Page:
China’s Two Sessions: calls for rolling out online anti-addiction system for elders provokes uproar
During the current Two Sessions in China, a deputy to the National People’s Congress advocated introducing an online anti-addiction system for the elderly, sparking heated debate.
The term “two sessions” refers to the annual meetings of the National People’s Congress and the National Committee of the Chinese People’s Political Consultative Conference.
It is an annual event, usually held in March each year, where thousands of Chinese legislators will participate in formulating future action plans for all aspects of China’s development and people’s livelihood.
Ke Yunfeng, the delegate, said that excessive obsession with short videos may impair the health of the elderly, and online fraud may easily impact them through this channel. “It is critical to regulate the content of short videos and prevent seniors from indulging in short videos,” he added.
Ke’s idea provoked an uproar. Should there be a comparable anti-addiction mechanism for the senior demographic, given that there is currently one for video-obsessed teenager users?
In 2019, TikTok’s sister app Douyin, Kuaishou and other major short video platforms in China have rolled out anti-addiction systems for youth under the “guidance and organization” of China’s top internet regulator. Users who opt in to the system will only have access to video content that is considered appropriate for youngsters. Besides, they will face restrictions on when and how much time they have to view short videos and will be prevented from accessing certain services like tipping.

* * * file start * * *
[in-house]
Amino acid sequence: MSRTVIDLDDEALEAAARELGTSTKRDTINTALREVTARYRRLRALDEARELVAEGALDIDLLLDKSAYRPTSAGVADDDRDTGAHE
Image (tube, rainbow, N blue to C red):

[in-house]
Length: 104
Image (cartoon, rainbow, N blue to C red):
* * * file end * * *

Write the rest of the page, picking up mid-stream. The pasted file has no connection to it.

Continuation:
Some people think that an anti-addiction system is necessary because seniors always spend a lot of time browsing videos on a daily basis, which is detrimental to their physical and mental health. Some think that sometimes older people are easily brainwashed by fake news in short videos, so having an anti-addiction system with content filtering would help.
Others think the anti-addiction system for elders is nonsense because they, like any adult, have the right to decide how to use the short video platforms.
According to the 49th “Statistical Report on China’s Internet Development Status,” as of December 2021, 43.2% of Chinese individuals aged 60 and over use the Internet, amounting to 119 million people.
Short videos have become the most important source of entertainment for older netizens. According to a recent survey, on major short video platforms like Douyin, elderly users spend an average of 1,500 minutes per month browsing videos.